The US Proxy War in Yemen

March 29, 2012 4:09 pm

Whilst the mainstream media has recently been bombarding the average viewer or reader with war stories from Syria, Libya, Iraq or Afghanistan, the war in Yemen is hardly getting any attention. Indeed neither are any of Washington’s other proxy wars, which also include operations in Pakistan, Somalia and Sudan[1]. However, US policy makers have been intent on stressing the importance of the war in Yemen, with James R. Clapper, the US Director of National Intelligence, calling AQAP (Al Qaeda in the Arabian Peninsula), who are based in Yemen, the single greatest threat to the US homeland[2]. Investigative Journalist Jeremy Scahill claims that this is a gross overstatement of the potential threat of AQAP and says that the prominence that AQAP are being given in America’s war on terror is laughable[2]. It is not hard to see why, as AQAP has only been linked with two terrorist attempts, both failed.

However, this has not stopped the US from bombing towns in Yemen and providing over 300 million dollars of military aid to the Saleh regime over the past 5 years. The first bombing under President Obama took place on the 17th of December in 2009, in the small town of Al Majala, Abyan province[2]. At the time of the attack, the Yemeni government claimed responsibility for it, proudly stating that it had killed 46 Al Qaeda operatives. As was later uncovered by Yemeni journalist Abdulelah Haider Shaye, the bombings were in fact carried out by the US Navy, which used Tomahawk cruise missiles and cluster bombs, neither of which the Yemeni military had in its arsenal[3]. Furthermore, of the 46 people who were killed, not one of them had any links to Al Qaeda and only 3 were young men[3]. The rest were women, children and elderly. All were civilians, living in one of the poorest towns in Yemen. On top of all of this, Wikileaks cables revealed that, the at the time General Petreaus and President Ali Abdullah Saleh met to discuss deliberately lying to the Yemeni people about who had carried out the act. Also discussed in the meeting was a 150 million dollar increase in yearly military aid to Yemen[3].

The exposure of this lie was the first incident that put Abdulelah Haider Shaye on Washington’s radar. In January of 2011, a Yemeni court that was set up by the Saleh regime convicted him on terror related charges and sentenced him to 5 years in prison[4]. However, due to a popular outcry against the legitimacy of the court, which was also condemned by many human rights organisations for providing fabricated evidence, Saleh was prepared to pardon Abdulelah Haider Shaye. The then president of the country made a U-turn when he received a direct phone call from President Obama, who urged him to keep the journalist in jail[4]. This is yet another move in the Obama administration’s policy of cracking down on whistleblowers and journalists, both nationally and internationally, who expose anything that they deem should not be known by the general public.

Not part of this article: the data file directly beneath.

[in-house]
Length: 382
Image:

Although the US has always claimed to be the champion of democracy when it comes to foreign policy, its actions have consistently indicated quite the opposite. For this reason, secrecy has become important for the US, especially concerning its actions around the world. Ali Abdullah Saleh saw that the there was an opportunity to exploit Washington’s paranoia concerning terrorism and their willingness to provide counterterrorism funding to anyone who claimed to support the US. The capital, Sana’a, used Washington as its cash cow for several years, and continues to do so under new President Abdo Rabu Mansour Hadi. The fact that this funding has been going towards Saleh’s personal army, the counter terrorism unit run by his nephew and the republican guards run by his son[2], doesn’t seem to bother the Obama administration. This is more disturbing when you take into account the fact that these units have never been used in a counterterrorism operation, but were used extensively to suppress the youth revolution in 2011. When Saleh felt that the US was ignoring him, terrorists would escape from a prison, or capture a city. Abdul Ghani, a well connected political analyst, asserts that Saleh let the city of Zinjibar fall[5].

On May 27th 2011, militants calling themselves Ansar Al Sharia seized the city of Zinjibar and began exercising Sharia Law[5]. Many experts, as well as the Yemeni government, claim that Ansar Al Sharia is just a branch of Al Qaeda, which decided to rebrand in order to rid itself of the stigma associated with the name Al Qaeda. Despite this, they have the support of many of the local population[5]. This is due to several factors. First of all, the people of Yemen have grown tired of a government that neglects them and their basic human needs; Ansar al Sharia have restored electricity, repaired roads, distributed food and have enforced some sort of law and order, which, although